UPDATE - More actionable evidence has come to light on restaurants selling tickets instead of taking telephone reservations. Past speculation, controversy and false starts notwithstanding, the move toward restaurant ticket systems may be reaching a tipping point.
An Eye Popping Percentage
Previous posts looked at restaurants, operating in niche markets or radically altering their service making good use of online ticketing in lieu of accepting telephone reservations. Granted the past examples cited are special cases, and do not represent the restaurant industry as a whole. However, some under-reported data from last year may make exceptions the new normal.
Late in 2012 Bruce Horovitz reported of an influential study by National Restaurant Association. The study, filled with real world data gathered from restaurant owners, suggests the once technologically deficient food industry is ready to join the Internet Age.
As Horovitz aptly states, the numbers are eye-popping:
54% of restaurant owners say they'll invest more in technology in 2013. Fact is, they have no choice. Consider: Less than one in 10 table service restaurants currently offer options such as electronic table-side payment or mobile payment.
“Technology has gone to the top of restaurant-owner action lists for 2013," says Hudson Riehle, senior vice president of research at the trade group. “That's because it's what the industry's key demographic, 18- to 34-year-olds, most wants.”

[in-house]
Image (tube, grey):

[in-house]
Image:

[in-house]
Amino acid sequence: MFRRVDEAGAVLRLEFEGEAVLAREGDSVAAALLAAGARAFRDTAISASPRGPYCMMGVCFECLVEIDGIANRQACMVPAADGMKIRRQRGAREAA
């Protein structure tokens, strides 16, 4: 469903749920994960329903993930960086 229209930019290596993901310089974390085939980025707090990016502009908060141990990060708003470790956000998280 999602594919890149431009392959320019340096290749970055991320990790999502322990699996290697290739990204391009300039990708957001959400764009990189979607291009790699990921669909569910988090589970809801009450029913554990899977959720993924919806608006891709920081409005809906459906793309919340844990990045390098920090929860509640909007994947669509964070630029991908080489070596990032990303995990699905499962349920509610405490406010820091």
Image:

The study contradicts the tepid opinion of technology, restaurant ticket systems in particular, previously made by a handful of restaurant owners.
It was not long ago that restaurant owner Noah Ellis was embroiled in a public opinion firestorm when he began to tweet the first and last names of diners who failed to show up for their (spoken) reservation. When the suggestion was he should make use of restaurant ticket system, as a countermeasure to no-shows, Ellis balked at the idea:
We tried taking a credit card on every reservation, but it hurt our business; there’s a contingent of people who just won’t put down a card, regardless of if they plan on coming or not. The ticketing systems are interesting, but we do most of our business a la carte, and I’m also not sure that we have the consistent demand to justify it. We could do walk-in only, but then if you’re celebrating a special occasion having a meeting, or trying to have a nice night out, it sucks to not know when you’ll be able to get a table. There’s no winning.
But Ellis isn’t the only owner whose minority opinion has been mistaken for the majority. Restaurant owners with a much more positive opinion of technology, such as Paul Qui, have said they are moving away from telephone reservations to restaurant ticket systems albeit very slowly:
We’ll have it on a ticketing system similar to what you see at Alinea in Chicago. But I’m going to start out slow. We’ll open the main dining room for 50 people first and once we feel ready, we’ll open it up for lunch. Then we’ll work on opening up the tasting room, but only when we’re ready. And we’ll probably only do one seating a night. And just take it from there.
Slow and steady may win the race, but there is such a thing as being overly cautious to a fault.
National Restaurant Association study confirms the actual majority opinion - restaurant owners will be changing outmoded business practices and make maximum business use of technology.